There is a separate section connecting some of the preliminary planning materials with the finished paintings for those who find it interesting to look under the hood. Many of those who have visited my studio have found my workbooks interesting in their own right and have encouraged me to include them. Ive limited these examples to just enough to give an idea of how I work, hoping that I have not contradicted what I have previously said about a painting standing alone without need of words.
--Eldridge Hardie


FOREWARD BY NICK LYONS:
The sporting experience is composed of many discrete moments that rise out of the continuum of the chase: a setter on point, the flush of autumn grouse, Canada geese settling down on a pond or marsh, the momentous leap of a tarpon, a salmon at the net, and so many others. And that experience is enriched by the things and creatures that animate and particularize itits dogs, its rods and reels and clothing and guns, the birds and fish the sportsman pursues, the landscape in which the whole happy drama takes place.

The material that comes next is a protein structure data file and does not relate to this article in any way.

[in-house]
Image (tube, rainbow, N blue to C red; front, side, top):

It is altogether possible for the writer or painter to sentimentalize such lovely sport, to imbue its moments and participants with exaggerated feeling; and that quality is the greatest threat to the art of sport, the thin line all sporting artists must walk: they want to capture the feelings that endear sport to the hunter and fisherman, to evoke the emotions that bring us back to days afield and on the water, to make real what may only exist in memory or perhaps photograph. But if the work is to rise beyond being a kind of easy shill for sport, an aggrandizing of the fame, it must have some or all of those qualities that are found in all of the best art. Winslow Homer, an artist of the first rank, treated subjects of interest to sportsmen frequently, capturing an Adirondack guide, the sweep of a fly line, the leap of a brook trout, the textured world of woods and waters in his memorable watercolors. There are many imitators of his evanescent watercolors in the ample pantheon of twentieth-century painters of the sporting experience, and there are a small handful of painters who have gone their own sweet way, developing that distinctive thing called a style of their own, as unique as a fingerprint, and a way of depicting the hunting and fishing moments that we recognize immediately as theirs alone, each adding to the world of sport depicted in watercolor on paper or oil on canvas. They each help us see and feel and understand and remember in a somewhat different way.